Some of you may have seen the story about the “Oklahoma Grandmother Arrested in Keystone XL Protest” or the “79-Year-Old Oklahoma Grandmother Locks Her Neck to Heavy Machinery in Keystone XL Pipeline Protest.” Here’s a pic of her doing her thing:

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It didn’t take me long to realize that this bad-ass woman has been here on Progress on the Prairie before when I took some pictures of people at the rally against the horrible, awful Personhood Amendment.  Her name is Nancy Zorn; here she is in that signature pink and purple outfit:

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She makes me proud to be an Okie.

Spring

I am writing an essay loosely about the history of women in Oklahoma and how Oklahoma became the “2nd Worst Place for Women” in the country. And I’ve noticed something curious. I am consciously avoiding the word “feminist” (and “feminism” and “anti-feminist” and all other forms). As a feminist, this worries me. How does a feminist write about feminism without using the words that are most efficient in describing her history and environment? And, more importantly, WHY am I doing this? Here are some of the reasons. #1: I worry that the average reader will be immediately turned off by the term. That’s the only reason, actually. I mean, I write freely for readers who identify as feminist but for those who don’t, I worry that all they’ve ever heard about feminists is negative so I censor myself. I don’t assume the average reader is entirely uninformed, just that they’ll be slightly turned-off. And I want to reach them with my writing, not turn them away. It’s about considering my audience, and I’m actually generally okay with manipulating my writerly voice in this way.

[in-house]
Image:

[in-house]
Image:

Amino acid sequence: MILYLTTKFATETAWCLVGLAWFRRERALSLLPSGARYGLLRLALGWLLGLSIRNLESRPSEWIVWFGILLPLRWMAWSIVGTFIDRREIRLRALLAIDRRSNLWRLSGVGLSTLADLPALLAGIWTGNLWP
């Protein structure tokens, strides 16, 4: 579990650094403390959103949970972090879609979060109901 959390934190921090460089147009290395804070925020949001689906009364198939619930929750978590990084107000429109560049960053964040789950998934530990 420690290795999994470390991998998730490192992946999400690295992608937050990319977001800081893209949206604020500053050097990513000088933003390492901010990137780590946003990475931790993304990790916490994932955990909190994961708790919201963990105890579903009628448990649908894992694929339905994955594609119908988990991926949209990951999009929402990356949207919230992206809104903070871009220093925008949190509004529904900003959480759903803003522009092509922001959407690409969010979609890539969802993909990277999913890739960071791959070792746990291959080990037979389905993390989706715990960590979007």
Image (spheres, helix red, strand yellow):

So my original quick question: “Am I selling out?” I know is just a personal thing that only I can work through, but how about this: What are a feminist’s responsibilities to the average non-feminist? More broadly: What are a social justice advocate’s responsibilities to the average non- social justice advocate? Even more broadly: What are a writer’s responsibilities to her or his readers?

Curious what all you smart folks have to say,

Spring

Today was a good day to protest the “Personhood Amendment.” I went to the Capitol building in OKC with my daughter and friends Daniel, Amanda, Sara, and Amelia. Here’s Daniel and his super sweet sign:

Daniel of Tulsa.

I was also happy to see people of various religious affiliations – and none – all on the same page.

Ashley Combs of Midwest City, Baptist. Micala Wood of Mustang, Lutheran.

Sarah of Choctaw.

Eva from Tulsa. Christian. Or, as she put it, "super churchy."

 

Michael Ashby of Norman. Professor.

LaDonna Hunt of OKC. Secretary of OK County Democrats. Unitarian.

 

Jessica and Anthony of Mustang.

And I want to be her when I grow up:

Nancy Zorn of Warr Acres. Protestant.

Proud to be an Okie,

Spring

Progress from Pakistan

March 21, 2011